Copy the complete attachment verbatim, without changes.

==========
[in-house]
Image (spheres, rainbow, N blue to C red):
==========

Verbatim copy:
[in-house]
Image (spheres, rainbow, N blue to C red):